Arm exercise is provided with handles pivotally connected to the framework and coordinated with the foot supports. When the foot is up, the handle corresponding to that foot is generally up.
Load resistance is imposed upon the crank arms through pulleys and belts from a flywheel and frictional resistance. A control system regulates the load on the flywheel to vary the resistance to exercise. The resistance can be varied during operation through a control system within easy reach of the operator. Other forms of load resistance such as an alternator, magnetic, air, fluid, etc. may also be used.
Movement of the pedals cause the pedals to follow a vertically elongated path similar to an ellipse where the longer major axis of the ellipse is generally inclined to provide the lateral climbing motion. The shorter minor axis of the ellipse provides the sideways foot motion.
A second embodiment is shown using adjustable tracks as guides for the foot support. An actuator and control system adjusts the incline of the tracks to exercise leg muscles differently.
The preferred embodiment is shown having the pedals attached to the foot supports at one end and having the guides positioned intermediate the ends of the foot supports. The guides comprise a set of rollers in rollable contact with tracks. Crank arms are pivotally attached to one end of each foot support and connected to the framework at respective pivot axis. The crank arms are phased generally opposite in orientation and are nonparallel when either crank arm is aligned with a respective foot support. Arm exercise is positioned above the shoulders to simulate rock climbing.
In summary, this invention provides the operator with stable foot pedal support having motions that simulate lateral climbing with very low joint impact and upper body exercise. The pedal motion exhibits vertically oriented elliptical lateral foot motion.
Referring to the drawings in detail, pedals 50 and 52 are shown in
Rocker links 28,30 are connected to foot supports 24,26 at pivots 29,31 and to adjustment brackets 62,64 at pivots 33,35. Body weight causes pedal 52 to lower on the inside portion of vertically elongated curve 5 while pedal 50 rises on the outer portion of vertically elongated curve 3 with lateral motion. When pedal 50 begins the downward descent along the inner portion of curve 3, pedal 52 rises along the outer portion of curve 5 with lateral elliptical foot motion.
Pulley 17 rotates with crank 22 about pivot axis 23. Belt 19 is engaged with pulley 17 and drives flywheel 49 about pivot axis 51. Friction belt 53 wraps flywheel 49 to provide load resistance which is adjustable using knob 55 and lever 57. As an alternate, an actuator 91 as shown in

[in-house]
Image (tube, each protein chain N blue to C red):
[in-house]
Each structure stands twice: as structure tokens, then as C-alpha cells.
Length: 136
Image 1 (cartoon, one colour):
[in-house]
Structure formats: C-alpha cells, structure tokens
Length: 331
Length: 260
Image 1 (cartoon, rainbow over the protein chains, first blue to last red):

Arm exercise is provided along side the operator by handles 36,38 which rotate about pivots 47,45. Connecting links 32,34 are pivotally connected to handles 36,38 at pivots 41,43 and to foot supports 24,26 at pivots 37,39. Foot support extension 54 locates connecting link 32 at the rear of the exercise apparatus.
Framework 70 supports pivot axis 21,23, handle pivots 45,47, flywheel pivot 51 and adjustment lever 57. Framework 70 connects to horizontal frame members 72,74 which are configured to rest on a horizontal surface. Frame member 76 connects frame members 72 and 74 and supports rocker pivot adjustment brackets 62,64. By relocating rocker link adjustment brackets 62,64 to alternate positions 61 or 63, the orientation of pedal curves 3,5 can be changed for different exercise. The relocation of brackets 62,64 can be manual or by actuator 91 as shown in
The second embodiment is shown in FIGS. 3,4 and 5 where the rocker link guides 28,30 have been replaced with guide tracks 80,82. Rollers 13,15 rotate about pivots 29,31 and are in rollable contact with guide tracks 80,82. Guide tracks 80,82 are connected to frame member 76 at pivots 81,83. Actuator 91 is supported by bracket 77 which connects to frame member 76. Adjustment links 84,86 are connected to guide tracks 80,82 at pivots 85,87 and to actuator screw nut 93 at pivots 89. Actuator screw nut 93 can move along actuator screw 95 as directed by control system 60 through wires 7,9 by conventional means. The rest of the second embodiment is the same as the first embodiment of